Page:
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This article by Regina Tan was prepared for the October 17, 2001
of U.S. 1 Newspaper. All rights reserved.
African Arts Exuberance
In the Soussou language of West Guinea, "Wofa"
means "let’s go" or "come together!" Wofa! is also
the name chosen by an energetic 10-member troupe of musicians and
dancers offering works that fuse dance and percussive music. Their
show urges audiences to "come along" and share the experience
of West African culture.
Seven male percussionists and three female dancers make up Wofa. Most
of the group grew up in communities in and around Conakry, the capital
of Guinea, and have been working together since 1993. Wofa! performs
at State Theater, New Brunswick, on Wednesday, October 24. The group
appeared at the African Festival in Ivory Coast and at the 200th
Bastille Day Celebration on the Champs Elysees. And their New
show precedes the final leg of a 2001 world tour that will conclude
with appearances in Soissons, France, and the Percussion Festival
in Torino, Italy.
Guinea is unique for many reasons, says Wofa’s artistic director and
master drummer, Francois Kokelaere. And where dance is concerned,
Guinea is the only African country with more than 40 years of ballet
history. Wofa! has become known as one of the most liberal groups
in Western Africa for the way it combines traditional culture with
the contemporary presentation of the present.
In an interview conducted with the help of Wofa’s U.S. producer,
Schmidt, Kokelaere says an integral part of Guinean dance history
was the influence of the "negroid" movement. Celebrating the
unique characteristics of African artists, it helped generate a group
of performers who are confident about their identity and have no
adapting to the specific requirements of a proscenium stage theater.
Wofa! artists mix modern stagecraft and performance with a personal
vision of traditional music and dance. As Kokelaere says, the movement
"is about real African contemporary art which maintains its
as a relationship with ancestral tradition. The artists, who are
in the traditional environment by playing in popular ceremonies or
rituals, swing from one to the other" without difficulty. Their
stage performances are elements of their professional status, and
their lives are organized around rehearsals, sabars or popular
celebrations, ritual ceremonies, and performances both within Guinea
"Wofa artists have developed, in part, within that powerful
heritage and, in part also, within the traditional culture, still
very present on the Lower Coast of Guinea," says Kokelaere.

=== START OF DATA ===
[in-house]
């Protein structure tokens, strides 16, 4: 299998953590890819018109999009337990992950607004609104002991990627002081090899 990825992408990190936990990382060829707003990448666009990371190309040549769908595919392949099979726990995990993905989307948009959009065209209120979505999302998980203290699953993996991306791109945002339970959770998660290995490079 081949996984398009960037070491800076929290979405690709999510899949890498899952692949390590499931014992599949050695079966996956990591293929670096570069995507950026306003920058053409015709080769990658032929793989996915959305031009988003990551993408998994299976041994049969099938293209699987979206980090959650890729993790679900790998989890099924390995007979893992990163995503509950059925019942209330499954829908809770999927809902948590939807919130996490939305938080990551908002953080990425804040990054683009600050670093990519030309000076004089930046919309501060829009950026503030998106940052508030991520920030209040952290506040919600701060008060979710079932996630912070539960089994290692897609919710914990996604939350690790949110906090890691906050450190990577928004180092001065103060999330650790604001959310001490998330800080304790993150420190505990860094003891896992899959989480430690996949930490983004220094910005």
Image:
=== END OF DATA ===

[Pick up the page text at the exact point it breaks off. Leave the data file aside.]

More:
As represented by Wofa’s work, the traditional culture of the Soussou
clan involves an artistic expression that relies on the rhythms of
percussion. Wofa musicians perform on several traditional instruments
from the Lower Coast: the kryin, a wooden drum formed in the
shape of a tree trunk played with sticks; the djembe, a drum
carved from a solid block of wood with a goatskin head, hung with
small metallic bells, and played with the full hand; the
a close relative of the xylophone; and the wassakhoumba, a
set of small, graduated calabash discs, cut from dried gourds, and
strung onto a piece of curved wood.
The wassakhoumba, used in tribal initiation ceremonies, is
particularly important to ancient Baga and Sousou animist tradition.
Playing the wassakhoumba is believed to purify the area it
reaches with its sound. Children and the uninitiated were forbidden
to touch the sacred and sensitive instrument.
Wofa also incorporates the art of ballet, one of the major forces
in Guinean dance, in its work. These dances are designed to
a range of events that correlate with the ceremonies and rhythms of
life. "The artists within Wofa combine their tradition and the
reality of today’s Africa," says Kokelaere. "They have
many natural dispositions like most African musicians, as a result
of a cultural environment where music and dance are very present.
They are also professionals in that they rehearse daily and are
by a true passion and an extraordinary determination for their art
form that has pushed them to form their own autonomous group."
"The esthetic at Wofa is a whole, where each element is the result
of a thorough thinking process and subtle blending," says
"All the criteria of Guinean dance and percussion music are there,
with the qualities one knows them for: energy, spontaneity,
effects and efficiency. However, Wofa can also whisper and hush, lull
our senses, perform a movement in slow motion, command our attention
to develop a musical arrangement worthy of a symphonic orchestra and
mostly, mostly, make us dream."
— Regina Tan
Brunswick, 877-STATE-11. $16 to $22. Wednesday, October 24, 8
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